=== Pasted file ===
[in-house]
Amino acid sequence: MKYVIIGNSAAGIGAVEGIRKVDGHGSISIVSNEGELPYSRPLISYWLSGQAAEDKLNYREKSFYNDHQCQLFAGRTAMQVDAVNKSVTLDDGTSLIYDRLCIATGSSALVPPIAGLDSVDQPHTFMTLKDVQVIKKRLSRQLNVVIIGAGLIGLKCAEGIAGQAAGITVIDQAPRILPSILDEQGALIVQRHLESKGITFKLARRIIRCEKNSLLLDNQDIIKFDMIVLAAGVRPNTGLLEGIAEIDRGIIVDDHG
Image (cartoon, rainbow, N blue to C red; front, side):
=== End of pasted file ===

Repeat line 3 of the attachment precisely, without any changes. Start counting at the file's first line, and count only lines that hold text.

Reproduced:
Image (cartoon, rainbow, N blue to C red; front, side):